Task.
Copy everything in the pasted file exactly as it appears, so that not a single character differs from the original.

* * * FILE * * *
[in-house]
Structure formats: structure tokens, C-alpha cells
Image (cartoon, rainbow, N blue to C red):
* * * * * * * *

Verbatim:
[in-house]
Structure formats: structure tokens, C-alpha cells
Image (cartoon, rainbow, N blue to C red):